Median sale prices rose in most areas of the Eastern Shore region in June, according to Long & Foster Real Estate’s Market Minute report. The largest increase of 21% occurred in Talbot County, followed by a 15% increase in Wicomico County, and 12% in Caroline County. The number of homes sold decreased in most places except for Caroline County, which experienced an 8% increase in homes sold from the previous year. Active inventory varied throughout the region and ranged from an 8% increase in Queen Anne’s County to a 17% decrease in Wicomico County.
“Now that we’re a little more than halfway through the year, it’s a good time to evaluate how the real estate market has shaped up so far in 2019 and what trends have emerged both locally and nationwide,” said Gary Scott, president of Long & Foster Real Estate. These trends include inventory shortages, declining mortgage rates, homeownership growth and an influx of millennials in the market.
“We believe the inventory shortages are primarily caused by baby boomers aging-in-place instead of downsizing, and homeowners who currently have low interest rates and are sitting tight,” Scott said. “Interest rates have dipped again to 3.7% and last year at this time rates were at about 4.7%. Homeownership rates have been rising and are holding steady at around 64%, and 80 million millennials are getting older and starting families, causing demand for homes in that age range to increase.”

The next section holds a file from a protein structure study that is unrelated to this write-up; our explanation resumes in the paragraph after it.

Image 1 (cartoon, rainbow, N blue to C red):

Those baby boomers who would like to downsize generally are looking for homes that are smaller and at a lower price point than they currently have, which puts them in competition with millennials for homes. “Buying a home in an over age 55 community is often a good plan for the baby boomers that want to get away from yard work and all that comes with owning a home, since maintenance-free is built-in to those communities,” said Scott. “A good real estate agent can help with locating the right community and help you choose from the broad range of homes that are offered within those communities.”
Additionally, working with a knowledgeable real estate professional can benefit boomers who aren’t sure if aging-in-place or moving to a new community is right for them, Scott said. Not only can a Realtor help them decide between the two, if they decide to stay in their home, a good agent can help them know which updates will be most beneficial for later resale.